The story of Navajo code talkers who served as U.S. Marines in World War II has been widely told since the federal government declassified the information in 1968.

Code talkers developed a code that Japanese forces could not break and many war historians consider it one of the key reasons for U.S. victory in 1945. The 2002 movie ‘Windtalkers,’ featuring Nicolas Cage and Adam Beach, brought their efforts to national prominence.

But in the aftermath of victory, Marines who served as code talkers suffered many of the afflictions, such as Post Traumatic Stress Disorder, that have plagued service members who served in war, then and now.

Cindy Jarvison, the daughter of one of the original 29 code talkers, Allen Dale June, recently spoke about her memories of her father and how she and some of her sisters reconnected with him with help from Navajo leader Kelsey Begaye.

“Our relationship was a little strange,” Jarvison said. “I was angry with my father. He was dealing with extreme PTSD, he was drinking a lot. It’s why my mother left him.”

Jarvison’s mom was June’s second wife. He was married three times. June died in 2010.

“We didn’t understand,” Jarvison said. “We were young and there was a lot we didn’t know about.”

But, in large part due to the efforts of Begaye, she and her sisters were able to reconnect with June.

Jarvison worked with Begaye, who served in Vietnam with the U.S. Army, before the national recognition arrived. Begaye had grown up knowing the June family well.

“Kelsey told us that we needed to be proud of our dad,” Jarvison said. “He’s seen things that you’ll never see.”

Jarvison said Begaye lobbied extensively for the Code Talkers to get credit.

“He was pivotal in them getting recognition. He worked with Senator John McCain and Presidents Bill Clinton and George W. Bush,” Jarvison said.

Those efforts led to a ceremony in 2001 when President Bush presented the 29 original Navajo Code Talkers with the Congressional Gold Medal. The “Windtalkers” movie followed in 2002.

“We reconnected with him in Washington D.C. at a feature opening of the movie,” Jarvison said. “My dad, he was very humble, didn’t talk about it much. He said it dredged up a lot of bad memories.

“When I asked ‘Pops’ what he thought of the movie, he said it didn’t capture what really happened,” Jarvison said.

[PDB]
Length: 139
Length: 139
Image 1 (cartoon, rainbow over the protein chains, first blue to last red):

Jarvison’s final moments with her dad proved to be very poignant, as well as healing.

“He had severe dementia and I really saw how he reverted back to his time in the war. He was saying horrible things and his nurses said he was in war mode,” Jarvison said. “It was really sad, but the day before he passed, four of his Junes, including my uncle, Adolf, who took care of us when we were growing up, were with dad.

“Everyone except me had left his room and he had this brief moment of clarity and asked me where everyone had gone. His eyes were clear, he was his old self and I told him ‘We’re all proud of you, Pops, and what you did for us.

“If you want to let go, it’s fine. And the next day he was gone,” Jarvison said. “That one moment was great closure.”

The Havasu Freedom Foundation, in conjunction with the Marine Corps League and Lake Havasu City, will honor code talkers at a ceremony at Bridgewater Channel under the London Bridge at 9 a.m., Saturday, June 8.

The ceremony will include recognition and the unveiling of the newest section of the walkway.

Laura Tohe will be the guest speaker for the event. She is also a well-known author, poet, historian and Arizona State University professor. Zonnie Gorman is scheduled to be the keynote speaker. She is a daughter of Carl N. Gorman, one of the original 29 Navajo Code Talkers. She has written and spoken on the subject extensively across the country and Canada. Both are daughters of Code Talkers.


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